Note: Evaluating a non-uniform keyframe track at a given time involves finding the two neighboring keyframes. As a full search might be too slow, such tracks may want to cache the last found position. This does not work if you want to play back the same track on multiple scene objects - if you want to render an army of marching characters, you want to store the marching animation only once.
Note: Looks like your
Note: I have no experience with this whatsoever, but wouldn't it pay off to uniformely resample animations into what I have called uniform keyframe tracks above? You'd have a guaranteed O(1) access and no headaches with finding the right keyframes. When storing sparse keyframes, you have to know the interpolation method used (or you get large deviations), so in practice sparse keyframes are only useful for animations authored with the same interpolation method as the three.js runtime animation system uses.
Do actions need to know about their weight? Shouldn't this be controlled by the mixer?
Mixer / Animator
As far as I understand it, the Unity 5.0 Mecanim system has three levels of animation mixing:
Animation blend trees
Animation blend trees are very flexible. In additional to blending between similar animations (walk/run), blend tree nodes can be used to transition between two unrelated animations. If the transition is short, if often looks ok. Unreal engine for example has a "blend by int" node where you specify an array of animations and an index of the desired animation, and the node will smoothly blend between the current and the desired animation.
When designing a blend tree, I would consider separating the following concepts:
I have implemented my own proof of concept for animation blend trees in this project. The code completely replaces the three.js animation code in a very hacky way, but is capable of applying a blend tree to a character with 50 bones at several hundred fps. It is a very early prototype, but feel free to use any ideas if you like. The blending code is based on the primitives sampleAnimation (sample an animation clip at a given time, store as a "pose"), blendPose (linear blend between "poses"), and exportPose (flatten a "pose" into a bone matrix texture). In this design, blend tree nodes would ask their children to compute their poses and then call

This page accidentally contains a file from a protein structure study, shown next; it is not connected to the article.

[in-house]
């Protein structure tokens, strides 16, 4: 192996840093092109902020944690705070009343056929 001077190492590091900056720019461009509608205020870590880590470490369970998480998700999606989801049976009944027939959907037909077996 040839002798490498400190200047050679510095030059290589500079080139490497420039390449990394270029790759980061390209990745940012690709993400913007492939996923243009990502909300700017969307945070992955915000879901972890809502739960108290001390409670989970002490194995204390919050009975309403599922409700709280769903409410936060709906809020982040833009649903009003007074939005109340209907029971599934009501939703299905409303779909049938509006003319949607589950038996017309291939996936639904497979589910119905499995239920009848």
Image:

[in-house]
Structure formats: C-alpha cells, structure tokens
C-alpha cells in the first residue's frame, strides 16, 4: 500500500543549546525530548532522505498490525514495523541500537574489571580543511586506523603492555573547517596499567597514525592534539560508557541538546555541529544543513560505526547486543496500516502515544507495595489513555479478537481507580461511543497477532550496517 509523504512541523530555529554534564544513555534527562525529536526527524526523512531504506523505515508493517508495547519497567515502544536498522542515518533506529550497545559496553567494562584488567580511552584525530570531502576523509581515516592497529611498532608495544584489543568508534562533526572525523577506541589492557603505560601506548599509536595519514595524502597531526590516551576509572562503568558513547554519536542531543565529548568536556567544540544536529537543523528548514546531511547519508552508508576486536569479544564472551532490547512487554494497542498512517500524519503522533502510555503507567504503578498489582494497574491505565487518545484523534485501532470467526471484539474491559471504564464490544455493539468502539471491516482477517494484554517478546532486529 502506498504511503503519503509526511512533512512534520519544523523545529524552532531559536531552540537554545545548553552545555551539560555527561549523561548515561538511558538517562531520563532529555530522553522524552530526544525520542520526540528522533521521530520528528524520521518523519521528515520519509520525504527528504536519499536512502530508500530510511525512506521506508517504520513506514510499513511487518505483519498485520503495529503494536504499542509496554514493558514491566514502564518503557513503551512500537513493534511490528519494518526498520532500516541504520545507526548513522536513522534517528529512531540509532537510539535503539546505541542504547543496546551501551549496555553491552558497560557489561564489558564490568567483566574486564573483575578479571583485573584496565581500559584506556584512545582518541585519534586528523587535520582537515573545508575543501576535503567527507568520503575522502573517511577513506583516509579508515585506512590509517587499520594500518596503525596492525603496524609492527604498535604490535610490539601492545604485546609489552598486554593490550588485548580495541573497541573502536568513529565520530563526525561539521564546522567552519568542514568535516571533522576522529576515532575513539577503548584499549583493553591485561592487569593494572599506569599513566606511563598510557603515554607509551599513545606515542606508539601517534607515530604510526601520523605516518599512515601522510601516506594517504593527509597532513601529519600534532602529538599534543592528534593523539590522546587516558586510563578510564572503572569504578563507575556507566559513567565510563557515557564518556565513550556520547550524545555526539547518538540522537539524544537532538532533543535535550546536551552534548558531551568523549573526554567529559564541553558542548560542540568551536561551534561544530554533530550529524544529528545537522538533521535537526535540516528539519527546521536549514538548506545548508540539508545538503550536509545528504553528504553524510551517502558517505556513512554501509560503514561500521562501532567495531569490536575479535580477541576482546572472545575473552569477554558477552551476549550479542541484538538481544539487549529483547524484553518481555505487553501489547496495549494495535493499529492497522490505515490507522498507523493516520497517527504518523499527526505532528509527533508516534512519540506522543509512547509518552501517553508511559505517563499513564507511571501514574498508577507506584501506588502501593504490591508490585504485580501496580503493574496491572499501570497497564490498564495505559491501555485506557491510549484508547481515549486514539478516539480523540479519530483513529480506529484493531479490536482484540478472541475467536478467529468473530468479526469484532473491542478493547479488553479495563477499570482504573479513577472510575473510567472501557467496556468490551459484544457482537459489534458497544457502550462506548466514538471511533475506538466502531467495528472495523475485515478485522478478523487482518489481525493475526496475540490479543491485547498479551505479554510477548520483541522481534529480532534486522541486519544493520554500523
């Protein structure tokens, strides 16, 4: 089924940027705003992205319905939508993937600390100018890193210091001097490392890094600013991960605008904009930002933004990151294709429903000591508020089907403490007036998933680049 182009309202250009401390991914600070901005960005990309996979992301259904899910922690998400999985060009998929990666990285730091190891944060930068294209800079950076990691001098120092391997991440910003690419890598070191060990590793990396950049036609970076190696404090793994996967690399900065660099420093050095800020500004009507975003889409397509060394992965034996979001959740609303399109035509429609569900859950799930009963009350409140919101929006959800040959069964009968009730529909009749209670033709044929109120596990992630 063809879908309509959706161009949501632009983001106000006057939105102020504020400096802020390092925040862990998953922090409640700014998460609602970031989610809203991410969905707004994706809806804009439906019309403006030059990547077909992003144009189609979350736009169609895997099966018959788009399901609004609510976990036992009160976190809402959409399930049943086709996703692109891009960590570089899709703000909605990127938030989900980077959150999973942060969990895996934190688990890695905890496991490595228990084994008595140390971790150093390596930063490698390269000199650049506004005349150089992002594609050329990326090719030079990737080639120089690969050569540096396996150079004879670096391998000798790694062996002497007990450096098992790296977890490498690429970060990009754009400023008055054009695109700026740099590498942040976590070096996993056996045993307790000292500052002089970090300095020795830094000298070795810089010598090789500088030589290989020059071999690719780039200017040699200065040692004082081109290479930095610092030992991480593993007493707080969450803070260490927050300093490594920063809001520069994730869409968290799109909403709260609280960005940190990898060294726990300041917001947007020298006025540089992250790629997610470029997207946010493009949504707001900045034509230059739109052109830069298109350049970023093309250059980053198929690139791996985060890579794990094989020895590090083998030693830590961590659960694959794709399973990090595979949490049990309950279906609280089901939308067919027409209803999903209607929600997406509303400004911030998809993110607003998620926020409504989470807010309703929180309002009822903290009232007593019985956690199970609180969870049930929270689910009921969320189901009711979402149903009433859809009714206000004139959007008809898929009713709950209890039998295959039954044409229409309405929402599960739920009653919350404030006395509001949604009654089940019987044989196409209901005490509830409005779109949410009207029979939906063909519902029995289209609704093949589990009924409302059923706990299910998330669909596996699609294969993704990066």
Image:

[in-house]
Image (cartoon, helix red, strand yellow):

@crobi thanks for the input!
Regarding your ideas for tracks, I've implemented most of what you have suggested. Although I am using an array/object representation for the track data. I think that someone can create a BufferKeyframeTrack to optimize that part fairly easily - and it should be a drop in replacement that will still be compatible with the rest of the mixer.
Regarding the mixer/animator. I've only created the first layer, but I believe you need to start somewhere. I also think that the next layers are needed, but hopefully can be done as further improvements to this system.
Although the clips are sparse with regards to bones. Thus you can specify which bones you want to drive using a clip, and it doesn't have to be all of them. Thus there is sort of layer support. We can add further features there without too much difficulty I think.
The blend trees are very interesting-- I didn't know about them before. I think that one could create a blend tree using the Clip/Action and putting it into a tree form. Not too much work I think, but I would prefer to do that as a separate PR rather than further expanding this PR -- it is already huge.
Many game engines and animation middlewares (including Unity and Unreal Engine) use blend trees. Here's some links:
Even though many engines use blend trees, finding good articles about them is not easy. I guess that's because everyone uses a slightly different design. I've heard of projects using many small blend trees and state transitions between them (see below), and of other projects using a single huge blend tree that includes all the different states and transitions.
The animation state machine of Unity is an advanced system that I've seen less often than the blend trees. Consider the following example of a super mario game:
The reverse transition is even more obvious - you cannot start blending into the running animation until the character has landed (the jumping animation has finished). You can see this in action in this video.
This is a complex system for defining when animations may transition, and may be even used for a two-way interaction with the application state (by firing scripting events on transitions). This is in contrast to blend trees, which simply define how animations blend.
I'm not currently using animation in three.js, but plan to eventually. Both
On 1 August 2015 at 19:47, Ben Houston email@example.com wrote:
Happy to look it over, though I'm not familiar with the existing animation
On 1 August 2015 at 20:21, Ben Houston firstname.lastname@example.org wrote: